Sergey Gromov wrote:
 Sun, 12 Oct 2008 19:11:00 -0500,
 Andrei Alexandrescu wrote:
 Walter Bright wrote:
 Andrei Alexandrescu wrote:
    nil '(("\\(!(\\)[^()]*\\()\\)"
I guess this is why I don't use emacs. I don't want to hear any more grousing about !( ) after that!!!
I agree about that, but why don't you use std.algorithm? :o) Speaking of which, here's another challenge for everybody who'd like to waste some cycles. Say you have a simple API for accessing a large collection of files - e.g. all of Google's cached documents. The task, should you accept it, is to find the 1,000,000 largest ones of those files. The output should be filenames sorted in decreasing order of size. Assume the API gives you <filename, size> pairs in a serial fashion. You can't use parallel processing (e.g. map/reduce on clusters), but you are allowed to use threads on one machine if if fancies you. Speed is highly desirable. Devise your algorithm and explain how fast it runs with practical and/or theoretical arguments.
A straight-forward solution would be putting name-size pairs into a tree sorted by size, which is O(1e6 log 1e6). Then, if the tree contains more than a million elements, remove the smallest which is also O(1e6 log 1e6). You can optimize it by skipping elements smaller than the smallest element in the tree if the tree is full. I haven't found any trees in Phobos though. Am I missing something?
The trick here was to figure that you don't really need a sorted container; an "almost sorted" container suffices, and a heap is exactly what the doctor prescribed. Andrei
Oct 12 2008
prev sibling next sibling parent reply KennyTM~ <kennytm gmail.com> writes:
Andrei Alexandrescu wrote:
 Walter Bright wrote:
 Andrei Alexandrescu wrote:
    nil '(("\\(!(\\)[^()]*\\()\\)"
I guess this is why I don't use emacs. I don't want to hear any more grousing about !( ) after that!!!
I agree about that, but why don't you use std.algorithm? :o) Speaking of which, here's another challenge for everybody who'd like to waste some cycles. Say you have a simple API for accessing a large collection of files - e.g. all of Google's cached documents. The task, should you accept it, is to find the 1,000,000 largest ones of those files. The output should be filenames sorted in decreasing order of size. Assume the API gives you <filename, size> pairs in a serial fashion. You can't use parallel processing (e.g. map/reduce on clusters), but you are allowed to use threads on one machine if if fancies you. Speed is highly desirable. Devise your algorithm and explain how fast it runs with practical and/or theoretical arguments. Andrei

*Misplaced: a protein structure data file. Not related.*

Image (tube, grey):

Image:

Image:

Straightforward solution: Use insertion sort. auto list = new PriorityQueue!(Documents); // Documents.opCmp returns difference of two documents' length. // the SHORTEST document gets priority. foreach (doc; google_cache) { // O(N) if (list.length >= 1_000_000) list.pop(); // O(log 1M) list.push(doc); // O(log 1M) } auto array = convertToArray(list); // O(1M log 1M) array.reverse(); // O(1M) write(array); // O(1M). Total time complexity: O(N log 1M).
Oct 12 2008
next sibling parent reply Andrei Alexandrescu <SeeWebsiteForEmail erdani.org> writes:
KennyTM~ wrote:
 Andrei Alexandrescu wrote:
 Walter Bright wrote:
 Andrei Alexandrescu wrote:
    nil '(("\\(!(\\)[^()]*\\()\\)"
I guess this is why I don't use emacs. I don't want to hear any more grousing about !( ) after that!!!
I agree about that, but why don't you use std.algorithm? :o) Speaking of which, here's another challenge for everybody who'd like to waste some cycles. Say you have a simple API for accessing a large collection of files - e.g. all of Google's cached documents. The task, should you accept it, is to find the 1,000,000 largest ones of those files. The output should be filenames sorted in decreasing order of size. Assume the API gives you <filename, size> pairs in a serial fashion. You can't use parallel processing (e.g. map/reduce on clusters), but you are allowed to use threads on one machine if if fancies you. Speed is highly desirable. Devise your algorithm and explain how fast it runs with practical and/or theoretical arguments. Andrei